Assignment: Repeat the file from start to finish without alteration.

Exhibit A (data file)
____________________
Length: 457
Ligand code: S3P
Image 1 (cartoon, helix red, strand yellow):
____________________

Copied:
Length: 457
Ligand code: S3P
Image 1 (cartoon, helix red, strand yellow):